On top of all that, we’re also in an interesting period of time where we are learning that sitting for long periods is unhealthy, and not conducive to great performance. So the very nature of seats and sitting is being called into question. In response to that knowledge, we now have treadmills that are built into desks, a growing number of stand-up desk options, and other conditions where works gets done, but there’s nowhere to sit. Still, in most cases, we would all agree to count those spots as seats.
If the definition of a seat is blurred, the new questions becomes: How do we define a seat in the workplace that we can use to measure performance? I’m afraid that if we consider a seat as a chair at a more traditional desk or workspace, we are missing much of the true performance that is occurring and not capturing the full capacity or functionality of the workplace, let alone the potential.
If you think about the work that really happens in a workplace, you know a lot of it doesn’t happen at a desk or in a chair.
Paralleling the evolution of seats is the evolution of mobile devices, and as more and more of them enter the workplace, interacting with our colleagues “in the office” might not require our physical presence. Remote tools like iRobot and Google Hangout offer the ability to attend meetings and to actively participate without actually being there. Think about it: no employee and no chair, but functionally, the workspace is performing as though the chair and the person are present. So would you count that as a seat as we think about it today when considering the performance of that organization/location?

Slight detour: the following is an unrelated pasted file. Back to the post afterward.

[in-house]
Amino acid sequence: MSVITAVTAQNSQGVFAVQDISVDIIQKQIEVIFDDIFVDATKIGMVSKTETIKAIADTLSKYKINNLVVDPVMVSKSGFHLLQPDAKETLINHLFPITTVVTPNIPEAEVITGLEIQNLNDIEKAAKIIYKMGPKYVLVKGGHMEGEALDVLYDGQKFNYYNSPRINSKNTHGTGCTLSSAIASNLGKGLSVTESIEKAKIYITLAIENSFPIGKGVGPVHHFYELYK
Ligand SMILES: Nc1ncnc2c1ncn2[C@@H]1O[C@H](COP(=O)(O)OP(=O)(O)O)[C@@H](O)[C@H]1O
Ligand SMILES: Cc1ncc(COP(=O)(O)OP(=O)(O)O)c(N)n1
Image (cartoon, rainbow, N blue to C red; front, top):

Given the ongoing and changing nature of work, technology, furniture, and work environments, the definition of a seat needs to adapt. It should include more innovative conditions, the places where work actually transpires, and the apps and devices that enable it. It should also include meeting, collaboration, and amenity space where work can be done. A physical seat isn’t required in any of these conditions. We could debate the nature of virtual seats, but I think that they are here to stay. They impact the performance of the space and the organization, and will become a defining characteristic of workspaces in the near future.
The relative ratio of seats by type is important to consider to give us a more clear picture of the workplace. We have a long and increasing list of different types seats, such as private office, open workstation, and benching, but workplace specialists can no longer ignore the changing nature of work and the tools associated with the physical workplace. Work is evolving and the space and the tools that support are changing right along with it. We’ve gone from measuring square feet per person, to square feet per seat, to people per seat, and soon we could be measuring apps per device per person per seat (say that ten times fast).
I kid, but it’s possible: “Please take a seat.” “A what?” “A seat!” “What do you mean take a seat? Take it where?”